By Briony Harris
Automation and technological advances are transforming the future of work. But it is hard to work out exactly how to transform education and training programmes to match the needs of that future workplace.
Soft skills such as communication, teamwork and problem solving, however, are likely to be highly valued by employers of the future.
In the first study of its kind, the OECD’s Programme for International Student Assessment (PISA) has released a report which examines students’ ability to work in groups to solve problems. It ranks the findings by both nationality and gender, with Singaporean girls coming top of the class.
Girls outperform boys in collaborative problem solving in every country and economy that participated in the assessment. On average across OECD countries, girls score 29 points higher than boys. The largest gaps – of over 40 points – are observed in Australia, Finland, Latvia, New Zealand and Sweden, whereas the smallest gaps – of less than 10 points – are observed in Colombia, Costa Rica and Peru.
The findings stand in stark contrast to PISA’s assessment of individual problem solving, where boys generally performed better than girls. And analysts say the findings suggest girls are better equipped for the workplace and are more able to cope with modern ways of working.
Girls performed strongly both before and after accounting for performance in science, reading and mathematics. The relative size of the gender gap in collaborative problem-solving performance is even larger than it is in reading, where girls also outperform boys in every education system, according to the study.
Of the 33 countries assessed, Singapore, Japan and Finland came top for students’ collaborative problem solving abilities, while Chile, Mexico and Turkey had the lowest scores.
In order to assess collaborative problem solving ability, the researchers analysed skills including maintaining an awareness of group dynamics, ensuring team members acted in accordance with their agreed-upon roles, resolving disagreements and monitoring progress towards a solution.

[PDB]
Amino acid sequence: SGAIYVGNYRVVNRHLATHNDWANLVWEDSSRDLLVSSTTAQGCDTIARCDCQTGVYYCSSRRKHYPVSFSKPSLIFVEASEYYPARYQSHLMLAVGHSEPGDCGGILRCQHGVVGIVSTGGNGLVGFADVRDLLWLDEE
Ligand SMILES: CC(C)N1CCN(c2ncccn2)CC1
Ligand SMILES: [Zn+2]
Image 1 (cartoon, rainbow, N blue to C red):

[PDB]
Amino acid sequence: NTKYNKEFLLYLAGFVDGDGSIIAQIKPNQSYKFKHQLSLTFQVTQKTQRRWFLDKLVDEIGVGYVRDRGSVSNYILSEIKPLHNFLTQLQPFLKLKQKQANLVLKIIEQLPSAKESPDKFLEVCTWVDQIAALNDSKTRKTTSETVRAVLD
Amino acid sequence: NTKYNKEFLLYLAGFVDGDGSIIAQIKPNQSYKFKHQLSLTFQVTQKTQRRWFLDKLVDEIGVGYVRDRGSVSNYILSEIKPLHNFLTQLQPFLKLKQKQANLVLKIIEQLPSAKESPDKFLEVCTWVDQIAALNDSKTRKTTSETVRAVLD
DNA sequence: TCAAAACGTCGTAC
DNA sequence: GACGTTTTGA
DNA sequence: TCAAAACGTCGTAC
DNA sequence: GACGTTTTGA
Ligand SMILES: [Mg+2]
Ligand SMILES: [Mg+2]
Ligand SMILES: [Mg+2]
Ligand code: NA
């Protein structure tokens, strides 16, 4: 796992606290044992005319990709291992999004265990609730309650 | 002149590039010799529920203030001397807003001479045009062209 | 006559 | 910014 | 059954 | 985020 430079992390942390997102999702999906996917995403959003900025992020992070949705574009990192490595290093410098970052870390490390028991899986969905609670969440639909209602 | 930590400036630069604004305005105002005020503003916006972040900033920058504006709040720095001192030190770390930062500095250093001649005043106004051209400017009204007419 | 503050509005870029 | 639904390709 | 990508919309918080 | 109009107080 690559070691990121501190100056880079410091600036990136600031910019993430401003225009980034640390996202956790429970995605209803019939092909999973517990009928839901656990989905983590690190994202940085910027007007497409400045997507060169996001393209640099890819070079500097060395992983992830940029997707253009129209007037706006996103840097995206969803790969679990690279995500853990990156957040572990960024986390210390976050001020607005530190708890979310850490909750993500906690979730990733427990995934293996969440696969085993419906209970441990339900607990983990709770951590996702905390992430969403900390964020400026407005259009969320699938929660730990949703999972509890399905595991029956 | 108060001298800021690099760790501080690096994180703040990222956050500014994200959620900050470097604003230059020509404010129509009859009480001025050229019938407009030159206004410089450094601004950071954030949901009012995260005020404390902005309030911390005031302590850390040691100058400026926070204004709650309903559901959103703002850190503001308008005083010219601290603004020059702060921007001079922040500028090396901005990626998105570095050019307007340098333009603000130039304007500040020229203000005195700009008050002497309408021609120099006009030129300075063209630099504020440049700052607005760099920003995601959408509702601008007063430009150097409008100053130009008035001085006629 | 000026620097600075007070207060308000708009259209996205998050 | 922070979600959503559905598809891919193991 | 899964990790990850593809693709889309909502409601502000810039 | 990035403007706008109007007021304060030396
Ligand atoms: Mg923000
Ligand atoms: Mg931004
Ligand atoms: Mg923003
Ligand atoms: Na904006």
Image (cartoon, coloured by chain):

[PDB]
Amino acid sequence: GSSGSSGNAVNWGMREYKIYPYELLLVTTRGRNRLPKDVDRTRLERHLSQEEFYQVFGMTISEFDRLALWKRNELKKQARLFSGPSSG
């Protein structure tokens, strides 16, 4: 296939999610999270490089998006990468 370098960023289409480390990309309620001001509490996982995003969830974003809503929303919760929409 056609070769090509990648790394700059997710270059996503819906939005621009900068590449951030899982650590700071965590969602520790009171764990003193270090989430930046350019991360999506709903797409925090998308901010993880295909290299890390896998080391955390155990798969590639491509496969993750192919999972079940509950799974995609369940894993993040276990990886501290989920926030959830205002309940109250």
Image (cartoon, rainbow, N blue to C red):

According to the report, girls show a more positive attitude to relationships, meaning they tend to be interested in the opinions of their peers, as well as wanting them to succeed. The report also notes that although girls outperform boys on average, there is a large overlap in their score distribution, with many girls only attaining low levels of proficiency in collaborative problem solving.
While most employers and teachers recognize the value of collaborative problem solving, it is still rarely deliberately and methodically taught in schools.
The global innovation foundation Nesta notes the significant barriers that teachers face when trying to introduce collaborative problem solving to the classroom. These include exam-driven education systems and having to stick to a curriculum, as well as the need to manage student behaviour.
Exam results are also tangible and comparable, making it much easier for employers to select the top performers, whereas collaborative problem solving skills are much harder to quantify and assess.
Perhaps the OECD’s study – the first attempt at assessing collaborative problem solving at an international level – is a step towards finding methods to teach and appraise some of the soft skills needed for the workplace of the future.
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